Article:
What are their true motives?
To try and sum it up, many see it as a chance to move to the European Union. To get a better life, while many plan it as a family undertaking from the first. People are willing to suffer the cold winter and lower standard of living in Estonia until they get their diploma and the chance to look beyond, toward other European countries.
The government wants tougher conditions for student migrants as foreign students will not be allowed to bring over family members, there are attempts to dial back their working during studies, study period will not be counted as part of time spent in the country when applying for residence permits etc. Is this the right approach?
It is and it isn't. Society clearly feels that we've lacked a coherent policy and the reaction to potential unchecked migration has now found a political terminal, with suitable methods – such as banning everything – sought.
It would be more accurate to say screws are being tightened.
I understand the sentiment and goal, even though I personally believe that we should start by debating who we want and what for, what they could give Estonia in terms of helping it endure throughout the ages. And only then move on, as opposed to banning everything that seems hostile or insensible at first glance.
In short, you believe Estonia should engage in very specific talent scouting in terms of who should study in our universities, people who could stay in Estonia and help make life better here after they graduate?
To bolster Estonia's economic and academic capacity where we deem it important and to make less of an effort to attract a mass of people with unclear motives that does not coincide with our clearly communicated national interests.
Were you a member of the government today, would you support opening Estonia to people from Belarus being persecuted by the regime there?
We could have a corresponding support program.
The government is hesitant about allowing Belarusians to come here, saying that Estonia will not alter its visa policy. How is the current government different from its predecessors in general?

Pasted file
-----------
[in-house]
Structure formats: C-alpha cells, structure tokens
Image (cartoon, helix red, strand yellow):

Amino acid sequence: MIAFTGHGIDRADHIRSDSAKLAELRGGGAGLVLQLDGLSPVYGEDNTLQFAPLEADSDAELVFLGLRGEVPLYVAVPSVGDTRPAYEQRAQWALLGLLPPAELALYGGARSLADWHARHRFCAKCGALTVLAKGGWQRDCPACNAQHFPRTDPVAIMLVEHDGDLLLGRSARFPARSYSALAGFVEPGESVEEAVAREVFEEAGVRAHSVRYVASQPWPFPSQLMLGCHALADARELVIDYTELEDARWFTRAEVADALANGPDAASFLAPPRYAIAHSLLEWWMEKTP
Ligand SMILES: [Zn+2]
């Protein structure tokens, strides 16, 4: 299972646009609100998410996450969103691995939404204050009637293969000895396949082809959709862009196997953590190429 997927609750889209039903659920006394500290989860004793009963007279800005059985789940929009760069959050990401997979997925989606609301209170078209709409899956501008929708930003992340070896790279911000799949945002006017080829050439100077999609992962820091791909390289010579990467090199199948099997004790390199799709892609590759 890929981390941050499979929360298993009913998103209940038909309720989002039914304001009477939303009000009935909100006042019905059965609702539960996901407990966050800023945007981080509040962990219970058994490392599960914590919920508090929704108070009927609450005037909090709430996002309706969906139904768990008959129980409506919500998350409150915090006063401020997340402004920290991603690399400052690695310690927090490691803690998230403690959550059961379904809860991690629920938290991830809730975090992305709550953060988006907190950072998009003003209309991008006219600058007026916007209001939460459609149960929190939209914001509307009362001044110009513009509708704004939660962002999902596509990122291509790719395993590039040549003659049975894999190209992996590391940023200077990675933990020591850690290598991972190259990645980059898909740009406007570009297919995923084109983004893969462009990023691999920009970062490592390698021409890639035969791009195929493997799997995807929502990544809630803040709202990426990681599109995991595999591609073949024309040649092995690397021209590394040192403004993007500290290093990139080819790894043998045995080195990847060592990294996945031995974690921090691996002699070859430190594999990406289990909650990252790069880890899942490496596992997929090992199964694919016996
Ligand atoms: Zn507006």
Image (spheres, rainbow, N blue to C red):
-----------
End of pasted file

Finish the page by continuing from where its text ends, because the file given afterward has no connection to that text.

This government stands apart both positively and negatively in its desire to make political decisions and really change things.
Every coin has two sides. The smooth sailing that was also referred to as fine-tuning that we had before left me a little nervous. Then again, perhaps we would need a little more consideration and balance today, whereas ideological preferences seem to clash quite often, leaving the government hard-pressed to find common ground.
Isamaa, your former party, got to decide after the March elections what kind of a government Estonia would have. Had it been up to you, would you have opted for a coalition with the Reform Party and the Social Democratic Party or would you also have gone with Center and EKRE?
That is a speculative question in retrospect. It was not a situation of Isamaa picking dance partners.
I can understand the decision to opt for this coalition. Behind it is a lot of politicians'… personal dissatisfaction or negative experience with the Reform Party.
Because they [Reform Party] have dumped everyone, insulted everyone and held themselves to be holier than thou. There are underlying psychological causes.
Of course, it seems that Reform has more political potential and I would prefer a liberal-conservative coalition over what we have today. That said, we must admit today that besides blanket criticism, the party has failed to generate a single attractive idea behind which the Estonian people, myself included, could get during its time in the opposition.
It seems we are back where I started in that life in Estonia is uncertain and no one seems to have a clear vision.
You left the Isamaa and Res Publica Union when you ran for TalTech rector [in 2015]. Have you considered joining the party again?
No. I believe that the political part of my life is behind me for good.
Why? They have the Right-wingers (Parempoolsed) group now that is more liberal than the recent Isamaa mainstream.
What they have today is a few lines of text and some names. They have not produced the vision society expects.